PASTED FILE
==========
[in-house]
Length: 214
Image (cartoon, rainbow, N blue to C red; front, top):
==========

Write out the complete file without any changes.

[in-house]
Length: 214
Image (cartoon, rainbow, N blue to C red; front, top):